- As stocks plummet, markets have become less susceptible to the Midas touch of “finfluencers.”
- Spam activity on social media is rising as celebrities and influencers grow quiet, data shows.
- “You have a whole army of bots that can create that same explosion [as Elon Musk],” one cultural anthropologist said.
After driving markets haywire with his cryptic tweets in 2021, Elon Musk has been mostly quiet with his investing advice this year.
The Tesla CEO pioneered a new role for celebrities as stock pickers – but that’s changing as a brutal 2022 crushes the gains made by individual investors during the two years of the pandemic, experts say.
Simply put, as stocks plummet and crypto winter deepens, markets have become less susceptible to the Midas touch of “finfluencers.”
While many of the biggest market icons — people like Musk, ARK Invest’s Cathie Wood, and SPAC king Chamath Palihapitiya — have either changed their tune or gone pretty much silent on the markets this year, there’s a whole world of influencers on social media still trying to reach their audience as they navigate the bear market.
“Engagement has been down since the peak of the market in November 2021. Not only have views been down, but the revenue streams have been cut in half too,” John Eringman, a financial content creator who slings market wisdom to 1.3 million followers on TikTok, told Insider.
Eringman believes financial influencers will stick around on social media, but says the bear market rout has been tough on many accounts, including his own.
“2021 was the biggest year I had. 2022 and 2023 will be much less lucrative,” he admitted.
That’s because investors are simply less susceptible to the suggestions of these influencers in a bear market, according to Paul Delfabbro, a professor who has researched the psychological motivations of crypto traders.
“Elon had a lot of air-time and celebrity exposure at just the right time – well into a … bull market. Heaps of new retail investors and many on social media are receptive to his messages. They know how wealthy he was and that anything he might touch could turn to gold,” Delfabbro, told Insider.
But it’s harder to convince people of that in a bear market. “It’s like trying to play a happy tune against a loud dirge,” Delfabbro said.
LunarCrush, an analytics site that tracks social media mentions of stocks and cryptocurrencies, shows lowered social engagement for some of the most popular stocks among retail investors since the S&P 500 touched its low near 3,600 in June, marking its worst first-half of the year since 1970.
Engagement with Tesla, one of the most talked-about stocks on social media, has plummeted from heights seen earlier this year. As of mid-July, quality interactions with posts on Tesla has hovered below 100 million a day compared to heights of 240 million earlier this year.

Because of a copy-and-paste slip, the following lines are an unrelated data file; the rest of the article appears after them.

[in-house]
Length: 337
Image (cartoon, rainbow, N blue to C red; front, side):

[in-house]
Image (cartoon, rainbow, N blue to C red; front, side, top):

And ironically, given Musk’s battle with Twitter over fake accounts on the platform, spammers have been rushing to fill that void.
Make way for the bots
As the finfluencers pull back in the face of this year’s withering bear market, there is a void that’s being filled by copious amounts of spam.
Spam activity on social media, which can be posted by humans or bots, is usually an attempt to influence market sentiment or buying and selling activity around a certain stock or crypto asset, says Jon Farjo, LunarCrush’s Chief Product Officer. That can range from users pretending to be someone else – such as a surge in fake Vitalik Buterin posts ahead of the Ethereum merge – or any other activity that’s deemed as an attempt to artificially raise the price of a stock or crypto token.
Spam is the fastest-growing metric tracked on LunarCrush’s website, Farjo said, having increased exponentially since they first started tracking it.
One Harvard study found that if a spammer sells a stock a few days after heavily touting it on social media, they’ll eke a return of 4.29%. On the other hand, people who buy stocks pumped by spammers’ schemes and sell them two days later will lose an average 5.5% on the trade, not including brokerage fees.
“The evidence accords with a hypothesis that spammers ‘buy low and spam high,'” the study’s authors said.
And the proliferation of spam as a new form of influence on the stock market could just be an enduring fact of life in 2022, experts say. Bill Maurer, a cultural anthropologist from UC Irvine, pointed out that the conditions that allowed Musk to rise as a stock celebrity are the same ones that also favor spammers.
“The kind of broad decline in trust in institutions in the conventional guardians and gatekeepers of finance gives people like Elon Musk this attention from investors in the market … [It’s] the amplification of non-traditional sources of financial knowledge,” Maurer said. “You have a whole army of bots that can create that same explosion.”
But that doesn’t mean the finfluencers will be wiped out completely – just that spam will be another main character in the story.
“We’re definitely making more financial characters,” Maurer said. “The character changes, but I think [the market] still has that sense of, I’m gonna let you in on something that not everybody knows, right? I’m gonna let you in on the thing, and if you follow me, I’m gonna lead you to wealth even in this difficult market.
“So I still think there’s a place for that hucksterism that I would say Musk represents,” he said.